A review of “Sideways” by Jeanne Aufmuth

 

Stars: ****

Rating: R for nudity, sexual content and language

Run Time: 2 hours, 4 minutes

 

 

Alexander Payne is an auteur of vision shaded in dark and skewered tones.  His fourth feature film (following Citizen Ruth, Election and About Schmidt) is a brilliant exploration of life, longing and second chances.

Misbegotten road trip be thy name.  Longtime buddies Miles (Paul Giamatti) and Jack (Thomas Haden Church) are setting off on a last hurrah before Jack takes the plunge into matrimony.  Mountains of invisible baggage are along for the ride; Miles’ self-loathing over a painful divorce, his futile attempts to publish his novel, and a lingering depression mired in loneliness and humiliation.

Jack himself is hardly a poster-child for stability, his ostensibly happy-go-lucky ways masking an enormous fear of losing his freedom and an acting career that’s headed due south.

Some fun! Miles is a self-proclaimed oenophile so the Santa Ynez Valley winery scene is top of the agenda. Buellton here we come. The pair sip and spit to their heart’s content and the winespeak flows like, well, wine.  Color, clarity and density jockey with the earnest (“good concentration, nice fruit”) and the absurd (“a soupcon of asparagus and a flutter of Edam cheese”).

From Paso Robles to Santa Maria to Los Olivos our boys pass judgment on the vino (“quaffable but far from transcendent”) and endure a painfully hilarious visit to Miles’ mom (Marylouise Burke). Excess tannin on the brain emboldens horn-dog Jack to take a stab at getting Miles, and himself, laid for old time’s sake.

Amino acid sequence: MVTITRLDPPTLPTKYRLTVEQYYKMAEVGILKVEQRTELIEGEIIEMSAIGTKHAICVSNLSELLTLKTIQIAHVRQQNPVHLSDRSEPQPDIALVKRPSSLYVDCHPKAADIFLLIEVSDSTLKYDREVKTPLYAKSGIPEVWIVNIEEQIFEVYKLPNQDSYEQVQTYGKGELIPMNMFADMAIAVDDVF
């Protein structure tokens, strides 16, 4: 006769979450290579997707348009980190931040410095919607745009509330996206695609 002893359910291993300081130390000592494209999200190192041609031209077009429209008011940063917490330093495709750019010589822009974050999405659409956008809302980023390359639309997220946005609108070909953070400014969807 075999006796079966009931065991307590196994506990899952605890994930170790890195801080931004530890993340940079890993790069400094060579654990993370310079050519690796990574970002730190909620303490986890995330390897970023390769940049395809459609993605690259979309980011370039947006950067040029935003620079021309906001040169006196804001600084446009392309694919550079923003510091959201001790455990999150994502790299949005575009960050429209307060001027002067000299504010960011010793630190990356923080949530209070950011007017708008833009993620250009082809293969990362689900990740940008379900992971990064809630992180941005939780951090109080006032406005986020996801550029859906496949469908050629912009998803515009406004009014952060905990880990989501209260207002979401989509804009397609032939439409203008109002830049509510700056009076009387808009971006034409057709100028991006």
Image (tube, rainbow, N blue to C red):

Their best shot is lusty pourer Stephanie (the talented Sandra Oh) and Hitching Post restaurant waitress cum philosopher Maya (Virginia Madsen).  Dinner segues into a pathetic drink-and-dial for Miles (who can’t resist the drunken urge to contact his ex) and after-hours partying for all. Jack and Steph cut to the chase but Miles takes the gentlemanly approach to getting to know Maya, for whom he has long carried a torch. 

Talk of prosaic Cabernets and Pinot’s lack of survival skills disguise sad-sack Miles’ deep-seeded feelings of insignificance and his propensity to hit the bottle harder than he should, disclosed with a natural blend of humor and pathos courtesy Payne’s top-notch script.

A jazzy, bluesy piano score sustains a fluent pace and resonant storyline. Giamatti, arguably America’s most gifted actor, delivers an outstanding performance of conflicting emotions bolstered by a reservoir of sad surrender.  Church is a pleasant surprise; his palpable apprehension peeking out from under a jocular stupidity that’s pitiably transparent. 

Oh is terrific, but it’s Madsen who glows with a luminous intelligence and warm sensuality that matches the story’s mature profundity.  Her expressive soliloquy on her innate connection to the living and breathing life of wine is a revelation.

Easily one of the best films of the year, Sideways gives great nose.